Politics Creeps Into NY Times Technology Stories
Dave Aiello wrote, "Over the past few months, CTDATA has pointed out several instances of political bias in general news coverage in The New York Times. Up to now, I have read the technology articles in the Times relatively uncritically, because I didn't think there were many reasons to spin this subject matter."
"That was until I read Deal May Freshen Up Google's Links, an article that is ostensibly about Google's acquisition of Pyra Labs, the provider of Blogger. Midway through the article, it talks about the development of Google News in a way that is self-serving to The New York Times and establishment journalism:"
Google's attempt to automate news gathering on its news page (news.google.com) is still under development but has already earned some ridicule from journalists. Google News scans some 4,000 news sites and compiles a page of links, using clues like the content and placement of articles to arrange headlines. The page resembles other news sites, but there have been glitches. For example, Google News was more than an hour behind human-powered sites CNN.com and Yahoo News with word of the disintegration of the space shuttle Columbia.
Dave Aiello continued, "I was scanning the web for news of the Columbia disintegration at the time, and my recollection is that Google News was not terribly late with the Columbia story. Furthermore, on that Saturday morning, most news site home pages did not say that the Columbia had been lost until after The Drudge Report put up its siren at 9:38am Eastern Time."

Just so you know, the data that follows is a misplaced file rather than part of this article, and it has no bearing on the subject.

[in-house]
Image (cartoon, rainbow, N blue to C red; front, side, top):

"But, all of this wouldn't matter if David Gallagher attributed the ridicule that he says Google News has received from journalists to an actual journalist. By saying this without attribution, I have to conclude that this is his opinion, or that of his editors. He also should have consulted an Internet expert to provide another point of view that might have provided context to the alleged ridicule."
"This is exactly the kind of media bias that Bernard Goldberg railed against in his groundbreaking book
Bias: A CBS Insider Exposes How the Media Distort the News. Gallagher's article subtly reinforces the media's contention that the public should not look at the Internet for news without first having it filtered through editors at places like The New York Times. By extension, the article itself is a swipe at the concept of weblogging, because weblogging is primarily done by non-journalists who by the media's definition do not exercise proper editorial judgement."
"So, I'll be reading New York Times technology articles much more carefully in the future. The question that I'm still struggling with is why should I have to?"
Update by Dave Aiello: Doc Searls pointed to this article and added a lengthy and thoughtful critique at his own website. Doc has actually met David Gallagher. He says that Gallagher blogs himself and freelances for the Times. He says Gallagher's a nice guy.
I can only react to what I read in print in this case, and I consider the point about Google News to be an opinion in the midst of a news story. That's been a problem in a number of cases at the New York Times recently. So, to some extent, David Gallagher stumbled over a reader who already had his antenna up, and probably wouldn't have gotten this response from me if his piece had been published elsewhere.